Alton Sterling, Black father of five, killed for selling CDs

Alton Sterling, 37, was killed by cops for selling CDs outside a store in Baton Rouge, Louisiana.

He joins the seemingly endless list of Black people slain by cops and mourned by their neighbors, families and friends. The pain of his oldest son and the boy’s aunt was witnessed last night by millions on national television. The boy wept uncontrollably. Tears streamed down his aunt’s face.

Sterling sold CDs because he had a “record” that prevented him from getting a job on the books. When he was still a teenager himself he was jailed for having sex with another teenager.

He was selling the CDs when the cops got there. They tased him and as some horrific videos plainly show they held him down on the ground and shot him in the back and the chest until he died.

A petition drafted by MoveOn is circulating across the nation. Please sign it and circulate it.

The FBI and the Justice Department are investigating the murder because local prosecutors almost never bring charges against cops who, like the ones who murdered Sterling, have no respect  for the lives of Black people.

With a story like this it can be difficult to bring together in speedy and accurate fashion a picture of the life of Alton Sterling, the human being, who meant so much to his family and his community.

We know that he was a well liked person in his community and that the owner of the store in front of which Alton did his business thought he was a great guy.

One important thing we must realize in all these killings by cops is that “prior criminal history” is really entirely irrelevant..

Selling CDs in the parking lot may be illegal but since when does that warrant the death penalty?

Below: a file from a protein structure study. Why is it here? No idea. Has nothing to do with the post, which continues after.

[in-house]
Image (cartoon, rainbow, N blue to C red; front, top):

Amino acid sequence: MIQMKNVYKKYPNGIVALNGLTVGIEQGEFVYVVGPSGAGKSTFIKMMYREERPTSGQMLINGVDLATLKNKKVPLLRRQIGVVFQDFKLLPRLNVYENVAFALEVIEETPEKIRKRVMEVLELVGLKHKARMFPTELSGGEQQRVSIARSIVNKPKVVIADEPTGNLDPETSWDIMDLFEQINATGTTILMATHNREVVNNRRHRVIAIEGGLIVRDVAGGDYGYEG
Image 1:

It wasn’t legal for Eric Garner to sell loose cigarettes on the streets in Staten Island. But he got the death penalty too.

It’s not legal to drive around with a malfunctioning tail light but if you are Black that apparently has been cause enough for the death penalty too – execution carried out by a cop who thought nothing about shooting someone to death in broad daylight with no respect for lives or law.

For hundreds of years in America Blacks have gotten the death penalty on the spot, without any trial. First, it could happen just for displeasing the master or by trying to escape slavery via the Underground Railroad. Later you could be lynched for stealing a bit of food or just for looking at someone the wrong way.

Later still you could be executed by a cop if you tried to vote or if you demonstrated  for the right to do so.

Today it can be selling CD’s, selling loosies, violating minor traffic laws or, as in the case of Tamir Rice, a Black child, you can get the death penalty for playing in the park with a toy.

Black parents in America today almost all, at some point, sit down with their children and explain to them how they must behave in order to avoid the possibility of serious harm or even death at the hands of law enforcement. This is all part of an unacceptable horror story.

Reasonable people can understand that a society that calls itself civilized cannot allow this to continue.

The police who committed this crime must be brought to justice. Everyone in America should be signing the petition above. There must be justice for Alton Sterling if there is to be any chance of restoring trust between the police and the communities they are there to serve. Everyone in America has a stake in keeping up the pressure for justice because without justice there will never be peace.

Photo: Protesters at the store where Alton was shot and killed.  |  Gerald Herbert/AP


CONTRIBUTOR

John Wojcik
John Wojcik

John Wojcik is editor in chief at Peoplesworld.org. He started as labor editor of the People's World in May, 2007 after working as a union meat cutter in northern New Jersey. There he served as a shop steward, as a member of a UFCW contract negotiating committee, and as an activist in the union's campaign to win public support for Wal-Mart workers. In the 1970s and '80s he was a political action reporter for the Daily World, this newspaper's predecessor, and active in electoral politics in Brooklyn, New York.

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